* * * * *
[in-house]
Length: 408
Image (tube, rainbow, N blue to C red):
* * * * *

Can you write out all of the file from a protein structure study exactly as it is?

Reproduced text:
[in-house]
Length: 408
Image (tube, rainbow, N blue to C red):